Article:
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Hong Kong courts

Hong Kong’s latest top court appointments send a signal that the rule of law remains strong

Bernard Chan says the appointment of four respected judges to the Court of Final Appeal shows that judicial independence and the rule of law are intact and that the city welcomes overseas legal talent

PUBLISHED : Thursday, 29 March, 2018, 10:49am
UPDATED : Thursday, 29 March, 2018, 6:21pm

The business community, politicians from almost all parties and the rest of us in Hong Kong probably agree on one thing: our legal system is the foundation of our way of life and economy. An independent judiciary is the core of this system and our rule of law, without which there would be no guarantee that our rights and freedoms as individuals are secure. Businesses and investors could not be sure that contracts would be enforced impartially.

It is vital for people to have confidence that our judiciary remains independent – and of high quality.

In recent years, growing political differences in the community have encouraged accusations against the courts and judges when some people do not like a decision. We have seen angry activists on one side use racist abuse against a judge. Activists on the other side insist the courts are politically biased.

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This criticism is unfounded – the fact that some high-profile cases have gone to appeal shows that the system works. But these accusations can undermine the image of our legal system and increase the distrust in society. Such allegations also get into the international media and damage Hong Kong’s reputation for the rule of law and as a financial centre.

These latest appointments should make it clear that there is no official or other trend away from having eminent and international judges in our top court

Against this background, it is good to have a serious reminder of the continued integrity of our judiciary. Chief Executive Carrie Lam Cheng Yuet-ngor last week announced a number of senior judicial appointments. They were one permanent and three non-permanent judges of the Court of Final Appeal – two of these three being from overseas common-law jurisdictions.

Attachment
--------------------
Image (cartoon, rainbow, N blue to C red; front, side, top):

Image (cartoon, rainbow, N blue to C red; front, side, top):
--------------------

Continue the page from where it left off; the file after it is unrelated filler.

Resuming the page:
All four individuals have impressive track records. The new permanent judge, Justice Andrew Cheung Kui-nung, joined the judiciary in 2001, while the new non-permanent judge, Justice Robert Tang Kwok-ching, has judicial experience going back to 1982.

The other two appointments received more media coverage, largely because they are the first women to be on the Court of Final Appeal. The chief executive – the first woman to hold the post – made no secret of her delight at seeing this happen, and she is not alone.

The appointments of Baroness Brenda Hale and Beverley McLachlin also send a powerful signal that overseas judges continue to have a strong presence on our Court of Final Appeal. Baroness Hale has had a distinguished academic and legal career, having served as president of the Supreme Court of the United Kingdom. McLachlin was the first woman, and longest serving, chief justice of Canada, and is the first Canadian to serve on our Court of Final Appeal.

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The court currently has three Hong Kong permanent judges (two are whom are not Chinese), and 12 of the 15 non-permanent judges are from overseas. Two thirds of all the Court of Final Appeal judges are therefore from other common-law jurisdictions. Not only do the new appointments increase this international presence, they also uphold the high standards of legal talent in the court.

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In recent years, some local people and at least one mainland academic have questioned the presence of foreign judges in Hong Kong’s Court of Final Appeal. (Under the Basic Law, the chief justice is the only judge required to be a Chinese citizen.) These latest appointments should make it clear that there is no official or other trend away from having eminent and international judges in our top court.

I have heard of concerns in the international business community that Hong Kong courts could become less impartial – specifically in commercial disputes involving Chinese state companies. There is absolutely no evidence for this, but such ideas can still damage Hong Kong’s reputation. Hopefully, the appointment of top local and international legal talent will show that these fears are unfounded.

These appointments should reassure the whole community that an independent judiciary remains at the core of our legal system.

Bernard Chan is convenor of Hong Kong’s Executive Council